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you have a headwind from rising rates. the part of the story in commercial real estate is that normally we have a lot more and thingsing on that look not great on the lending side. both of those things have been more constrained. new construction is running at 1.4% in the u.s. versus an economy growing at 3%. what we have seen as a flattening out and value growth. again, you need to become more selective. for us, we have been very positive on warehouses because of the movement online of the distribution of goods. we have been much more cautious on retail. we have been more positive on the west coast because of the have inn jobs then we the midwest and east coast. you have to be much more selective at this part in the real estate cycle.
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we have done a number of public to private. pricing is that are than what we see on the street. we still think there is some room to run. you have to be much more selective. up2019, if you have to sum the year for real estate, what is it? because the economy is still going to be pretty good and we don't have the kind of overbuilding that gets us in trouble, i think it will be a flat modest growth and value real -- year for real estate. there are other markets i would be more positive on. spain where we have seen a good recovery because they went to a sharp recession. is a market where we have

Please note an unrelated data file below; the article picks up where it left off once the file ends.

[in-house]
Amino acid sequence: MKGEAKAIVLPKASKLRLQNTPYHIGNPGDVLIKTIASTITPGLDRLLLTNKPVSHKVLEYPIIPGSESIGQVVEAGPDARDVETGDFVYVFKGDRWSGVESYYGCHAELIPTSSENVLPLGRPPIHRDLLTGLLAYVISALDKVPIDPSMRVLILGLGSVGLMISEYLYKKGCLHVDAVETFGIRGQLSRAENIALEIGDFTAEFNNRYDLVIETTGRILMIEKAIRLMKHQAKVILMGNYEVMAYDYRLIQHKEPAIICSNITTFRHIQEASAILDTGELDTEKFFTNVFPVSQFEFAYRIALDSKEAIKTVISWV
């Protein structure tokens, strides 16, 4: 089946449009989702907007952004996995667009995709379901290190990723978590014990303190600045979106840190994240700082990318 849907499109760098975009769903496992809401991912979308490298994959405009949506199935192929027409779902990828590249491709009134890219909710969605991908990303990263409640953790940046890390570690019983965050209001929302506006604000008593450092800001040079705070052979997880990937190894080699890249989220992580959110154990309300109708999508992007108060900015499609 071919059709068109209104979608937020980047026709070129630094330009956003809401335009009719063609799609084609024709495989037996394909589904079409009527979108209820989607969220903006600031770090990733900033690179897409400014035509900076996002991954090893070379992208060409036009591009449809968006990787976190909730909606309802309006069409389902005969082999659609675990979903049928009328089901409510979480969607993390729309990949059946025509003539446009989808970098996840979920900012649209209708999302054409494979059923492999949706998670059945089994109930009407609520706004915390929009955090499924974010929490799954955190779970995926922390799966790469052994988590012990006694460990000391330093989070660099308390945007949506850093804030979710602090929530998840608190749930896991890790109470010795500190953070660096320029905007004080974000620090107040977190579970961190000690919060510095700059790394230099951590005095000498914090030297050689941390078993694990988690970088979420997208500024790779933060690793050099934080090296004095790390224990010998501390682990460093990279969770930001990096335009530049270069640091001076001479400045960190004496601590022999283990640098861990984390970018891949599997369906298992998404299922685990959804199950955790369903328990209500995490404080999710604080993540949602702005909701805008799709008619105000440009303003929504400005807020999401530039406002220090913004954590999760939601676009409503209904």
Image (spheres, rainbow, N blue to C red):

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seen it will growth because of i.t. and business processing companies. globally, we are in a part of the cycle where rates are moving up. there is less distress. it is a more mature part of the real estate cycle area >> i want to ask you about residential. how you feel about the residential real estate market in the u.s.? >> i am still positive on u.s. residential real estate. we like to look at the world in a simple way. if you look at the historic 1.6, we would say we need million homes being built in the that deficit is leading to they upward pressure in home prices. we see asaying slowdown is people are just too higher mortgage rates. ultimately, the laws of supply and demand determine the value
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of assets. there is a shortage of housing today in the u.s. i would generally be positive. certain high-end urban markets, you are more cautious. some of the cities secondary locations in the midwest and northeast may be more cautious where the tax changes have been more adverse area generally, would you say if i would be able on u.s. housing, yes. >> let's talk about credit. that has grown dramatically. there seems to have been a nonbankshift toward playing heavily here. where are we in the credit cycle and what role do you play? >> this has been a really elon gated credit cycle. the epicenter of the crisis was credit.